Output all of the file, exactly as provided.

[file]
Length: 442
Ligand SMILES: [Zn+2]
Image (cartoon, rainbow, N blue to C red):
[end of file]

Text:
Length: 442
Ligand SMILES: [Zn+2]
Image (cartoon, rainbow, N blue to C red):